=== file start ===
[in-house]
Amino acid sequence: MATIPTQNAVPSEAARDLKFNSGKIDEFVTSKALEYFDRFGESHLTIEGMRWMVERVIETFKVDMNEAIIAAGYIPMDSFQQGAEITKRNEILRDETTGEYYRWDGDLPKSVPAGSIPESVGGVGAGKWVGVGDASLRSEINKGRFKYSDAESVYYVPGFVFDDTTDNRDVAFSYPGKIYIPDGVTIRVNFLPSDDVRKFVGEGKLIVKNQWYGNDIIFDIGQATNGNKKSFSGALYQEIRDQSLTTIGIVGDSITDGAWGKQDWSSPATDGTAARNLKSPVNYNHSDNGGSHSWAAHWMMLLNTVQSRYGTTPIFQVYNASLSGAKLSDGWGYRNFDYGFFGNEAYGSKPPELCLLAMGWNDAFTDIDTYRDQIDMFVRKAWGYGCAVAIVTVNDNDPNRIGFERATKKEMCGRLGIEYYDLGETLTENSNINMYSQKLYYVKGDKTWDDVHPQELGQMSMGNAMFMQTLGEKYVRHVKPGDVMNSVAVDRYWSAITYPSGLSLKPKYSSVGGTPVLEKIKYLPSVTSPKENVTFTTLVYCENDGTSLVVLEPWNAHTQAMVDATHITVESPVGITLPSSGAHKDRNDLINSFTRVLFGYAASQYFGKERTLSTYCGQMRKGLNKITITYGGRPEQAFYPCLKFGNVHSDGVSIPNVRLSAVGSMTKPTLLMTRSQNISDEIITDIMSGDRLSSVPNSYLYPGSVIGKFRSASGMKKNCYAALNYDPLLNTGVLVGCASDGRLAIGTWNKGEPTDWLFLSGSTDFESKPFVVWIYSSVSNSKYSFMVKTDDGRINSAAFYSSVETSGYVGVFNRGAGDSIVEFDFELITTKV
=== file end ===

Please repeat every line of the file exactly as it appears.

[in-house]
Amino acid sequence: MATIPTQNAVPSEAARDLKFNSGKIDEFVTSKALEYFDRFGESHLTIEGMRWMVERVIETFKVDMNEAIIAAGYIPMDSFQQGAEITKRNEILRDETTGEYYRWDGDLPKSVPAGSIPESVGGVGAGKWVGVGDASLRSEINKGRFKYSDAESVYYVPGFVFDDTTDNRDVAFSYPGKIYIPDGVTIRVNFLPSDDVRKFVGEGKLIVKNQWYGNDIIFDIGQATNGNKKSFSGALYQEIRDQSLTTIGIVGDSITDGAWGKQDWSSPATDGTAARNLKSPVNYNHSDNGGSHSWAAHWMMLLNTVQSRYGTTPIFQVYNASLSGAKLSDGWGYRNFDYGFFGNEAYGSKPPELCLLAMGWNDAFTDIDTYRDQIDMFVRKAWGYGCAVAIVTVNDNDPNRIGFERATKKEMCGRLGIEYYDLGETLTENSNINMYSQKLYYVKGDKTWDDVHPQELGQMSMGNAMFMQTLGEKYVRHVKPGDVMNSVAVDRYWSAITYPSGLSLKPKYSSVGGTPVLEKIKYLPSVTSPKENVTFTTLVYCENDGTSLVVLEPWNAHTQAMVDATHITVESPVGITLPSSGAHKDRNDLINSFTRVLFGYAASQYFGKERTLSTYCGQMRKGLNKITITYGGRPEQAFYPCLKFGNVHSDGVSIPNVRLSAVGSMTKPTLLMTRSQNISDEIITDIMSGDRLSSVPNSYLYPGSVIGKFRSASGMKKNCYAALNYDPLLNTGVLVGCASDGRLAIGTWNKGEPTDWLFLSGSTDFESKPFVVWIYSSVSNSKYSFMVKTDDGRINSAAFYSSVETSGYVGVFNRGAGDSIVEFDFELITTKV